One further new development for 2023 will see all x-rays being available to view on the horse’s sales profile. The step was taken to enable easier access to potential buyers and reduce the time taken to request x-rays for review.

Monart has attracted a plethora of notable buyers over the years including Olympic Champion Michael Jung (GER), Olympic Gold Medallists Oliver Townend (GBR), Laura Collett (GBR), Astier Nicholas (FRA), 5* Champion Caroline Powell (NZL), Karl and Katlyn Slezak (CAN) as well as UK based Irish senior team riders Austin O’Connor and Susie Berry.

The 2023 sales catalogue, with full sales videos, is now available to view via www.themonartsale.com. Prospective buyers are required to register in advance of the sale, whether they are intending to attend in person or online.

Lots 1 – 87 will perform their showcase on Monday 6th November, with the remainder scheduled for Tuesday 7th November. All showcases will be livestreamed via the sale’s website, with showcases added to horse profiles prior to the auction. Due to the volume of horses in the 2023 sale, auctions will be scheduled to close from 5pm on Wednesday 8th and Thursday 9th November. Each horse has a closing time three minutes apart and will require a five minute period free of bids in order for the auction to close.

The 2023 Monart Sale is once again presented by Sprenger Equestrian.

Britain’s Osberton International Introduces New Classes for 2023

Caroline Powell competing at Osberton International. Photo by Tim Wilkinson/Eventing Images.

Osberton International has been the end of season destination event for many riders over the past decades, but 2023 welcomes a new range of classes giving increased opportunity to riders. These are as follows:

A National 3DE

A new National level long format class running at Novice and Intermediate, giving competitors the opportunity to compete over a long format without the added requirements, and costs, of competing in an FEI class.

On the schedule as Restricted Intermediate and Restricted Novice, the tracks will have subtle differences from their CCI2*L and CCI3*L counter parts, with a less intense track and changes at some of the more challenging combinations.  To minimise the time required on-site, and spent away from home and work, the requirement for a first trot up has been removed.  A final horse inspection, ahead of show jumping, will be held in the interest of horse welfare.

Entry Requirement – Novice competitors are not to have started any FEI classes in the 2023 season, with MERs taken over the 2022 and 2023 seasons.  Intermediate competitors are not to have started a CCI3* or above in the 2023 season, with MERs taken over the 2022 and 2023 seasons.

Minimum Entry Requirements – Novice requires 2x Novice MERs, with Intermediate requiring 2x Intermediate MERs.

Onsite stabling is recommended, but not required, however you can enjoy all the fun in the evenings if you stay on site.

Project Pony CCIP2*-S

A new CCI2*-S restricted to Pony riders, giving our young riders a new end of season aim and allowing them to experience the atmosphere of a destination international fixture, with the winner receiving the hire of an Eco Voltz bike, PLUS an enhanced training packed with an elite level rider.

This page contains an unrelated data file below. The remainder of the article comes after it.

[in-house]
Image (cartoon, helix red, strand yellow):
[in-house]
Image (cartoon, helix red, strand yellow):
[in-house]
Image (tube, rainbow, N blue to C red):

Osberton also welcomes the Project Pony All Stars competition, an exciting concept first seen at Belsay earlier this year, that encourages interaction and collaboration between the youth riders and senior riders.

Minimum Entry Requirements – 3x BE100/BE100 Plus/BE105 plus 1x Novice

Agria Lifetime Equine CCI1*-Intro

For the first time ever, BEDE Events welcomes CCI1* competitors to Osberton, offering entry level competitors of international sport the opportunity to experience the atmosphere and excitement of a destination FEI event.

Unlike other CCI1* classes being run this season, the Osberton CCI1* will run in a three-day format with Wednesday/Thursday Dressage, Friday cross-country, and culminating in show jumping in the main arena on Saturday.

A final horse inspection, ahead of show jumping, will be held in the interest of horse welfare.

The CCI1* also acts as the grand finale for the Agra Lifetime Equine BE100 League.

Minimum Entry Requirements – 3x BE100/BE100 Plus/BE105

Investec CCI3*L & Arena Saddles CCI2*L

A firm fixture on the Osberton schedule and an end of season aim for many. This year’s event will see a new loop added to the cross-country course, giving more galloping sections.  The new route through the woods also features a cracking new bank complex for riders to tackle.

Both the CCI3*L and CCI2*L act as finales for their respective Investec Intermediate and Arena Saddles Novice Leagues, that have been running across all BEDE Events in 2023.

Entries are now OPEN for all classes with late entry surcharges applied from 30th August, and final date for entries of 1stSeptember.  All entries will be accepted on a first-come-first-served basis.  Enter early to guarantee your space.

Full schedule and entry details via British Eventing.

Wesko Equestrian Foundation – Expansion Confirmed For 2023

The Wesko Equestrian Foundation, a non-profit organisation founded in memory of Christina Knudsen, has today announced its further expansion via the Young Eventers Pathway which aims to support sixty young riders, between the ages of 21-28 years, with training, education, and support.

The Foundation aims to support young Eventers from every background, to become better
and more viable athletes, with a vision to create an eventing community and peer learning